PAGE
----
Busy, Busy, Busy

I’m working full time this semester and have been too busy to write for this blog or to do any writing at all. Hopefully that will change in the spring when I am back to teaching part time. I’m still reading like crazy, though. Look for my Best of 2018 post in early January.

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Welcome Back!

Happy First Day of School!

I know some of you have been back to school for a while, and some of you don’t go to school anymore…. so, Happy Tuesday to you!

This fall, my children’s literature students have a great list of books to choose from for their literature circles. It’s a good mix of some old favorites and some new stars. Here they are:

kids lit fall 2018

Fantasy

The Girl Who Drank the Moon by Kelly Barnhill

The One and Only Ivan by Katherine Applegate

Historical Fiction

Bud, Not Buddy by Christopher Paul Curtis

Call It Courage by Armstrong Sperry

Roll of Thunder, Hear My Cry by Mildred Taylor

A Year Down Yonder by Richard Peck

Contemporary Realistic Fiction

From the Mixed-Up Files of Mrs. Basil E. Frankweiler by E.L. Konigsburg

Shiloh by Phyllis Reynolds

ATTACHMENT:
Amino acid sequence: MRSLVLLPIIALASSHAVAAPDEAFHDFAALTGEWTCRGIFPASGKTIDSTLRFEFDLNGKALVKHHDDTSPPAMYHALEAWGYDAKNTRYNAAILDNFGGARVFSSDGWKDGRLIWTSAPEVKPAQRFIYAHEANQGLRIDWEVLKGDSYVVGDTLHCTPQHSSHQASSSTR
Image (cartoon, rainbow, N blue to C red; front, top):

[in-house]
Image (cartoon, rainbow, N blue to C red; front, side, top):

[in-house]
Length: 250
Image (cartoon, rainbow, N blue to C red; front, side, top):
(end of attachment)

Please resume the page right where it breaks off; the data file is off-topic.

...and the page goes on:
The Westing Game by Ellen Raskin

“Mixed” Genre

Hello, Universe by Erin Entrada Kelly

Holes by Louis Sachar

It’s going to be a great semester! Enjoy the new season!

 

Exciting News: Twice

!ADiscoveredDiamond[1][1]News #1: A month or two ago I mentioned that Syncopation: A Memoir of Adele Hugo was named a “diamond” and that a review on the Discovering Diamonds website would be forthcoming. The review is up, and it is lovely.

Syncopation_EcoverNews #2: Syncopation: A Memoir of Adele Hugo is now available as an e-book on amazonUS and amazonUK.

If you have already read Syncopation, consider writing a review of it on amazon: all reviews are welcome, whether you loved it or hated it. After all, no book is for everyone, and shoppers should know if it is a good match for them or not.

 

 

A Book Series You Must Read!

broken earth books

I’m not waiting until my “best books of the year” post to tell you about a series I just finished, N.K. Jemisin’s The Broken Earth trilogy. This is one of the best fantasy series I’ve ever read–and I read a lot of fantasy! The first book in the series, The Fifth Season, won the Hugo Award in 2016. The second book, The Obelisk Gate, won the Hugo Award in 2017, and the final book of the trilogy, The Stone Sky, is a finalist for the 2018 Hugo Award (announced in August).

I don’t want to spoil your reading experience by telling you a lot about these books; instead, I’m going to focus on why you should read them.

1. Strong female characters. The main characters in this series are female. The side characters are female. The only-meet-them-once characters are female. Yes, there are male characters, and they are interesting characters, but this is a story about women. The experience of reading this is the inverse of nearly every fantasy novel I’ve ever read.

Talk about whole new worlds!

I fear that by explaining this, you men won’t want to read the series, but you should! You should read it and allow the experience to open your eyes to what it is like to be a female reader of fantasy!

Did I mention that nearly all the characters are black too? Kaboom!